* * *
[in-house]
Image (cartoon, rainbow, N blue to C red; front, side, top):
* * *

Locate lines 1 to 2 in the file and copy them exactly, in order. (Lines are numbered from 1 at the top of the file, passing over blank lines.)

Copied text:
[in-house]
Image (cartoon, rainbow, N blue to C red; front, side, top):